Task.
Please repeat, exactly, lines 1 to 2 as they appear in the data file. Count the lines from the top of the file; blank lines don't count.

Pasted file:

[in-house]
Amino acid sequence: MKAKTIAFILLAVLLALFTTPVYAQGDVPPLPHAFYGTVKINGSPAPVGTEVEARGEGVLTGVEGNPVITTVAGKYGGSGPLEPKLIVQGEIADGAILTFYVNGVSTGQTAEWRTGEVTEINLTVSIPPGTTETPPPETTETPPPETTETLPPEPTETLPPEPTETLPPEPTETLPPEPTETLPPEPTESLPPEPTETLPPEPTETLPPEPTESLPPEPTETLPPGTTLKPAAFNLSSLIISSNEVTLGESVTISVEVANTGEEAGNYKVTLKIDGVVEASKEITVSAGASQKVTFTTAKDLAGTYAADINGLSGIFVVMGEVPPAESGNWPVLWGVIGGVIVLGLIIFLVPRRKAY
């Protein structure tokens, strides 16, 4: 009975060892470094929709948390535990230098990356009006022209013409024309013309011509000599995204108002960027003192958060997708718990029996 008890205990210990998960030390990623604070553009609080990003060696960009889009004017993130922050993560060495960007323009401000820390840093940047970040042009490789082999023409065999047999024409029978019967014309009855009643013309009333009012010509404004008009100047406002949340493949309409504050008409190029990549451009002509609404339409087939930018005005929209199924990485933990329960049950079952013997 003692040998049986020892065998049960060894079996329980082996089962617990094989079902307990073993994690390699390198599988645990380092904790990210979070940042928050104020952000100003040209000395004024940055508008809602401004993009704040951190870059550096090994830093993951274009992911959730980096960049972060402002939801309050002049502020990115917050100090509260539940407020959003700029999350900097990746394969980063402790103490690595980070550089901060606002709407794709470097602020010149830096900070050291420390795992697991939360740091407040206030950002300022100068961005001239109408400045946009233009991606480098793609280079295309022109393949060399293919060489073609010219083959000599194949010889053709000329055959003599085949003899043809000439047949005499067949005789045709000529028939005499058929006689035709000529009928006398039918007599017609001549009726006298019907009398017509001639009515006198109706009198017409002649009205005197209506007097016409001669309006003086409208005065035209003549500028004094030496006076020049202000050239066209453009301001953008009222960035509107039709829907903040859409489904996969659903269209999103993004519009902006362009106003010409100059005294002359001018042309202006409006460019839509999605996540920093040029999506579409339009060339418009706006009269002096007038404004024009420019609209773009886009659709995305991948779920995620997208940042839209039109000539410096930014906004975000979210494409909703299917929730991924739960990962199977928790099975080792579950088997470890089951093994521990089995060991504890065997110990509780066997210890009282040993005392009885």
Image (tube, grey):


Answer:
[in-house]
Amino acid sequence: MKAKTIAFILLAVLLALFTTPVYAQGDVPPLPHAFYGTVKINGSPAPVGTEVEARGEGVLTGVEGNPVITTVAGKYGGSGPLEPKLIVQGEIADGAILTFYVNGVSTGQTAEWRTGEVTEINLTVSIPPGTTETPPPETTETPPPETTETLPPEPTETLPPEPTETLPPEPTETLPPEPTETLPPEPTESLPPEPTETLPPEPTETLPPEPTESLPPEPTETLPPGTTLKPAAFNLSSLIISSNEVTLGESVTISVEVANTGEEAGNYKVTLKIDGVVEASKEITVSAGASQKVTFTTAKDLAGTYAADINGLSGIFVVMGEVPPAESGNWPVLWGVIGGVIVLGLIIFLVPRRKAY